In March 2022, AONN+ released the Oncology Navigation Standards of Professional Practice, which provide clinical oncology nurse navigators, social work navigators, and patient navigators with clear information regarding best practices in the provision of professional care. These standards include the knowledge and skills all professional navigators should possess in order to deliver high-quality, competent, and ethical services to people impacted by cancer.

“This was a game-changer,” she said. “No more ‘nonclinical’ navigators; you’re all clinical. No more ‘lay’ navigators; you’re a navigator of some type. If we’re going to go forward and be sustainable as a profession, we have to start using the same language.”

To move forward with the building blocks already in place in the field of oncology navigation—including core competencies, certification, professional organizations, local navigator networks, etc—agreeing on the same language is crucial.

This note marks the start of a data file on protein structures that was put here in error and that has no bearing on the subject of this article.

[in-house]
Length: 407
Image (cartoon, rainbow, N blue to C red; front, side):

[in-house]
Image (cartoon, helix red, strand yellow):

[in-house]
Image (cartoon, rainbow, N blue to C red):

“We have beautiful building blocks in navigation,” said Ms Gentry. “And we want the federal government and private insurance to recognize what we’re doing every day. When we start getting into legislation, we have to make sure our language is correct, because if a bill is passed, it has to cover everyone.”

“We’re already walking the walk,” she continued. “It’s time we talked the talk.”

According to Ms Gentry, future issues in navigation will include developing standardized definitions for billable services (with the goal of achieving an oncology patient navigation Labor Code), a universal job description (work is underway with the ACS Patient Navigation Working Group on survivorship navigation), dealing with an oncology specialist shortage, expansion to other chronic diseases (already underway with the Association of Chronic & Complex Care Nurse Navigators), and, as always, continued efforts to demonstrate the value of navigation.

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Last modified: August 10, 2023